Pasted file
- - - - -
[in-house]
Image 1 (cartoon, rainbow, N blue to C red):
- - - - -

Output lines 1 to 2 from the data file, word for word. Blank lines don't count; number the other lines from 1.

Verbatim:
[in-house]
Image 1 (cartoon, rainbow, N blue to C red):